Semantics. The if statement evaluates the condition expression first. When the result is True, the suite of statements is executed. Otherwise the suite is skipped. Let’s look at some examples.

## Example if Statements¶

We’ll look at some examples of if statements to see some additional examples of how they work. We’ll take a couple of examples from the rules for Craps.

Is This Craps?. During the game of Craps, once a point is established, a roll of 7 is “craps”, a loser. The following example combines arithmetic expressions, comparison and the if statement.

The variables d1 and d2 are set randomly, so each time you run this it may behave differently.

d1, d2= random.randint(1,6), random.randint(1,6)

if d1+d2 == 7:
print("craps")


Here’s how this if statement works.

1. The expression d1+d2 == 7 is evaluated.

2. The expression d1+d2 is evaluated to get an integer sum.

3. The 7 doesn’t need to be evaluated.

4. The comparison is performed to see if the d1+d2 sum really is equal to 7. The result is either True or False.

5. If the expression’s value is True, the suite is executed. This will print the message.

If the value is False, the suite is silently skipped.

Come Out Roll. Here’s a second example from the game of Craps. On the first roll, the come out roll, if two dice show a total of 7 or 11, the throw is a winner.

d1, d2= random.randint(1,6), random.randint(1,6)

if d1+d2 == 7 or d1+d2 == 11:
print("winner", d1+d2)


Here we have a typically complex expression. Here’s how the if statement works.

1. The expression d1+d2 == 7 or d1+d2 == 11 is evaluated.

The or operator evaluates the left side of the or operation first; if this is False, it will then evaluate the right side. If the left side is True, the result is True.

2. The expression d1+d2 == 7 is evaluated.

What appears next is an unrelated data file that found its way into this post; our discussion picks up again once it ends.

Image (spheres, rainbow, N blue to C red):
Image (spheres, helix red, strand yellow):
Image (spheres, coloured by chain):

3. If this value is True, ( d1 + d2 really is 7), the entire or expression is True and evaluation of the expression is complete.

4. If the left side is False, then the right side is evaluated. The value of the right side (d1+d2 == 11) is the value for the entire or operation. This could be True or False.

5. If the value of the expression is True, the suite is executed, which means that a message is printed.

If the expression is True, the suite is skipped.

Syntax Help from IDLE. The suite of statements inside the if statement is set apart from other statements by its indentation. This means you have to indent the statements in the suite consistently. Any change to the indentation is, in effect, another suite or the end of this suite.

The good news is the IDLE knows this rule and helps us by automatically indenting when we end a line with a :. It will automatically indent until we enter a blank line. Here’s how it looks in IDLE. In order to show you precisely what’s going on, we’re going to replace normally invisible spaces with _ characters.

>>>_if_1+2_==_3:
...____print(“good”)
...
good

1. You start to enter the if statement. When you type the letter f, the color of if changes to orange, as a hint that IDLE recognizes a Python statement. You hit enter at the end of the first line of the if statement.
2. IDLE indents for you. You type the first statement of the suite of statements.
3. IDLE indents for you again. You don’t have any more statements, so you hit enter. The statement is complete, so IDLE executes the statement.
4. This is the output. Since 1+2 does exactly equal 3, the suite of statements is executed.

Important

Syntax Rule Eight